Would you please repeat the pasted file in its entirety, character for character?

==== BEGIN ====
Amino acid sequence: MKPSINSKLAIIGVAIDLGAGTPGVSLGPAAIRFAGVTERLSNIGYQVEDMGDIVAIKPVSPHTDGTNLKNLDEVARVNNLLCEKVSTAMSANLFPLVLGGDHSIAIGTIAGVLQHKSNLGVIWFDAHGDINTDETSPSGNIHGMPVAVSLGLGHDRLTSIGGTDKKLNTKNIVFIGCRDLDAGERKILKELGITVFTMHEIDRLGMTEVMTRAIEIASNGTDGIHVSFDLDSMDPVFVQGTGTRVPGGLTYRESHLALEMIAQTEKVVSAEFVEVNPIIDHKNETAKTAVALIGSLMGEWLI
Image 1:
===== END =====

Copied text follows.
Amino acid sequence: MKPSINSKLAIIGVAIDLGAGTPGVSLGPAAIRFAGVTERLSNIGYQVEDMGDIVAIKPVSPHTDGTNLKNLDEVARVNNLLCEKVSTAMSANLFPLVLGGDHSIAIGTIAGVLQHKSNLGVIWFDAHGDINTDETSPSGNIHGMPVAVSLGLGHDRLTSIGGTDKKLNTKNIVFIGCRDLDAGERKILKELGITVFTMHEIDRLGMTEVMTRAIEIASNGTDGIHVSFDLDSMDPVFVQGTGTRVPGGLTYRESHLALEMIAQTEKVVSAEFVEVNPIIDHKNETAKTAVALIGSLMGEWLI
Image 1: